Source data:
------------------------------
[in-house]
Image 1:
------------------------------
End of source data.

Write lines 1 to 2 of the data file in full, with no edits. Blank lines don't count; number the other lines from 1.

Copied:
[in-house]
Image 1: